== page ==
Food and Behaviour Research

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Iodine as Essential Nutrient during the First 1000 Days of Life

Velasco I, Bath SC, Rayman MP. (2018) Nutrients. Mar 1;10(3).  pii: E290. doi: 10.3390/nu10030290. 

Web URL: View this and related abstracts via PubMed here, Free full text of this article is available online


Iodine is an essential micronutrient incorporated into thyroid hormones. Although iodine deficiency can lead to a broad spectrum of disorders throughout life, it is most critical in the early stages of development, as the foetal brain is extremely dependent on iodine supply.

During the last two decades, our understanding of thyroid physiology during gestation has substantially improved. Furthermore, thyroid hormone receptors have been identified and characterised in placental and embryonic tissues, allowing us to elucidate the maternal-foetal transfer of thyroid hormones.

Experimental studies have demonstrated that the cyto-architecture of the cerebral cortex can be irreversibly disturbed in iodine deficiency causing abnormal neuron migratory patterns which are associated with cognitive impairment in children.

In this context, the role of iodine as key factor in the programming of foetal and infant neurodevelopment, needs to be revisited with a special focus on areas of mild to moderate iodine deficiency.

The objective of this review is to summarize the available evidence from both animals and human studies, for the effect of iodine deficiency (particularly, of maternal hypothyroxinemia) on brain development and neurological or behavioural disorders, such as lower intelligence quotient (IQ) or attention deficit hyperactivity disorder (ADHD).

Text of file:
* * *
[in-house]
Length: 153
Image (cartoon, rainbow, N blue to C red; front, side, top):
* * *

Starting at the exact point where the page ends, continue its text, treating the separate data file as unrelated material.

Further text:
This review highlights the critical importance of adequate iodine for normal brain development.

As FAB Research followers will know, two of these authors (Professor Margaret Rayman and Dr Sarah Bath) reported in 2013, using from a large UK birth cohort study, that mild-to-moderate iodine deficiency affected around 2/3 of mothers-to-be - and that this predicted significant reductions in the verbal IQ and reading of their children at 8 years of age.  See:
Last year, a large Nowegian study reported similar findings:
The UK is one of the only developed countries with no public health policy on iodine (such as the mandatory iodisation of salt) - and as the main dietary sources are milk and dairy products, and fish and seafood, anyone following vegan diets (or any other diets that exclude these foods) are at particular risk of iodine deficiency. See:
For more information on the importance of iodine in pregnancy see also: